• January 19, 2021: Pfizer and BioNTech constructed a pseudovirus with the B.1.1.7 variant mutation, N501Y. The company tested their vaccine, BNT162b2, against the pseudovirus and found the protective efficacy to remain unaffected (Muik et al., 2021)

Impact on Transmission

  • January 7, 2021: One peer-reviewed study detected a 75% increase in transmissibility of the B.1.1.7 variant than the original strain  (Leung, Shum, Leung, Lam, & Wu, 2021)
  • December 18, 2021:  UK’s New and Emerging Respiratory Virus Threats Advisory Group (NERVTAG) released a report suggesting that B.1.1.7 exhibits a higher rate of transmission than previous SARS-CoV-2 strains (Hayward, Shen Lim Julian Hiscox, & Edmunds, 2020). Within three months of its emergence (September), the B.1.1.7 variant has become the predominant circulating strain in the UK (Ecdc, 2021)

Arrival to Canada

  • April 26, 2021: Nunavut confirmed province’s first cases of B.1.1.7 variant. A total of 21 positive cases of the B.1.1.7 variant were confirmed on this date. (Tranter, 2021).
  • April 2, 2021: Northwest Territories reported first case of the B.1.1.7 variant at remote mining site (CBC News, 2021).
  • March 25, 2021: Yukon confirmed first case of the B.1.1.7 variant (Government of Yukon, 2021; PLONKA, 2021).
  • February 13, 2021: Prince Edward Island confirmed first case of B.1.1.7 variant which has been linked to international travel. The individual was reported to be their 20s and had no close contacts upon their return to Canada (MacLeod, 2021; Press, 2021).
  • February 12, 2021: Newfoundland and Labrador confirmed an outbreak of the B.1.1.7 variant in St John’s Metro region. Pre-liminary testing of 19 cases sent by the Newfoundland and Labrador government found all samples to be positive for the B.1.1.7 variant (Quon, 2021).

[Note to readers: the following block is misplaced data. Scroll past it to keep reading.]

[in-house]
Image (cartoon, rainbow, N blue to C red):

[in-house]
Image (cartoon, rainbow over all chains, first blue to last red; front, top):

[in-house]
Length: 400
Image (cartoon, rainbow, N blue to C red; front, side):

• February 9, 2021: Manitoba confirmed first case of the B.1.1.7 variant from a sample that was collected on January 22, 2021. The case has been linked to international travel. Further reports revealed the infected individual was in contact with 5 other people, all of whom remained negative for COVID-19  to date (Bergen, 2021; Billeck, 2021).
  • February 2, 2021: New Brunswick confirmed first three cases of the B.1.1.7 variant; 2 from the St. John area and 1 one from the Miramichi area. Two of the cases were linked to international traveling, whereas the one case was linked to travel within Canada (L. Brown & Horne Van, 2021).
  • February 2, 2021: Saskatchewan confirmed first two positive cases of the B.1.1.7 variant infection in two residents from Regina (Saskatchewan, 2021; Sciarpelletti, 2020).  Two days later, Saskatchewan confirmed first case of B.1.1.7 variant infection in Saskatoon (Government of Saskatchewan, 2021).
  • January 22, 2021: Nova Scotia confirmed first two variant cases of COVID-19, B.1.1.7 and B.1.351. Both cases were associated with international travel and did not result in community transmission (Farnell, 2021; Government of Nova Scotia, 2021).
  • December 29, 2020: Quebec confirmed first case of the B.1.1.7 variant from an individual whose family member travelled to the UK and returned on December 11. The traveller was then tested positive for COVID-19 on December 13th. The traveller continued follow quarantine rules and remained at home with three members of their immediate family. The B.1.1.7 variant was later confirmed in a member of this family. Further testing revealed all three members to be infected with COVID-19 (Caruso-Moro, 2020; Cori-Manocchio, 2020; Magder, 2020; Québec, 2020).
  • December 25, 2020: Alberta confirmed first positive case of the B.1.1.7 variant from an individual that recently travelled to the UK (Franson, 2020; Mertz, 2020).
  • December 27, 2020: British Columbia confirms first positive case of the B.1.1.7 variant from an individual that returned from the UK on December 15th (Uguen-Csenge & Kearney, 2020).
  • December 26, 2020: Ontario confirmed Canada’s first cases of the B.1.1.7 variant in two individuals from Toronto (Aziz, 2020; Jabakhanji, 2020; Rocca, 2020).

Risk to Canadians